Imprudent public policy can chill investment
A disquieting trend is developing this legislative session. A number of bills have been introduced, ostensibly to serve a broad public purpose, when in reality they are intended to circumvent existing legal procedures for economic development projects by imposing last-minute legislative “remedies.” This is bad public policy.
We trust the Legislature, in its collective wisdom, will recognize the harm created by such imprudent efforts and end them straight away.
This session we have seen a bill that would increase the power of municipalities to take over private businesses through eminent domain. The unmentioned target of the legislation is Pennichuck Water Works. The bill is intended to support the efforts of the city of Nashua in its attempts to take over the privately owned water company.
Other bills have been filed to allow municipal control over groundwater withdrawals, something that is currently regulated at the state level through the Department of Environmental Services. The existing permitting process has served New Hampshire well, but a highly publicized project like USA Springs in Nottingham, the unspecified target of these bills, is enough to initiate injudicious legislative action.
Efforts to disrupt the trash-to-energy plant proposed in Hopkinton by making last-minute changes to the regulatory process is another example of inappropriate legislative action. Current procedures involve local planning board approvals for site locations and state air quality permits through the Department of Environmental Services to ensure compliance with federal Clean Air Act regulations. Yet we see bill after bill this session attempting to sidetrack this well-established process using local control and further study as pretexts.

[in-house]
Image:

Finally, and most recently, several bills have surfaced to halt or at least delay the proposed Mt. Sunapee expansion. The current approval process for lease expansions of state land is clearly defined. It includes completion of environmental impact statements, public hearings, decision-making by the commissioner of the Department of Resources and Economic Development, with oversight and approval by the governor and Executive Council. These procedures were established by the Legislature, and yet, before the process has had a chance to work, those opposed are orchestrating a legislative moratorium in an effort to delay or derail the proposal.
The Business & Industry Association of New Hampshire opposes this kind of misdirected public policy. We believe the state should not enact a law with the intent of putting businesses out of business, or encouraging public bodies to take over private companies. We also believe it is bad public policy to enact broad legislation when a single business is really the target.
The BIA recognizes that municipal governments play an important role in zoning, building codes, public nuisance issues, conservation areas, planning and growth. But the Legislature has historically left complex permitting issues that affect the state’s public health and welfare, such as hazardous waste, air and water pollution and water withdrawals, with the Department of Environmental Services, or in the case of complex economic development projects involving state land, with the Department of Resources and Economic Development.
The fundamental principle we seek is fairness. In each case, the company was following current rules and requirements to the letter of the law, only to see a bill filed in the New Hampshire Legislature attempting to change the rules in order to disrupt their business plan.
If this type of questionable public policy is enacted into law, it will have a chilling effect on business investment in the state, by both New Hampshire-based companies and those headquartered elsewhere. It also will moderate the business community’s willingness to work with state and local governments on future economic development projects.
Scott Bacon, president of Bank of New Hampshire, is chair of the board of the Business & Industry Association of New Hampshire. Jim Roche is president of the BIA.